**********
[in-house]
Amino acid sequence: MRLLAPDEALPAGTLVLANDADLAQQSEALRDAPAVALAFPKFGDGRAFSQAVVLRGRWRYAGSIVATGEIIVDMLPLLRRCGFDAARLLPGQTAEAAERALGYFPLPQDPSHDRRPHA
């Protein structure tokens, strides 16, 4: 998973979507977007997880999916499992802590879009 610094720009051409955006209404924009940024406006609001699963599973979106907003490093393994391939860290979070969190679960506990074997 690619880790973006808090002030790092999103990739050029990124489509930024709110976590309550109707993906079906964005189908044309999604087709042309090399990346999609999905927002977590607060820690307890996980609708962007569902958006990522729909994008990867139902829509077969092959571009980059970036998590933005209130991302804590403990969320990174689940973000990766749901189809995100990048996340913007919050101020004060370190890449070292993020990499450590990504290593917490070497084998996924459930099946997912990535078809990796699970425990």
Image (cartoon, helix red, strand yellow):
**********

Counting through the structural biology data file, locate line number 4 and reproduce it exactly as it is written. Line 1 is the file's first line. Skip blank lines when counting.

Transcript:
Image (cartoon, helix red, strand yellow):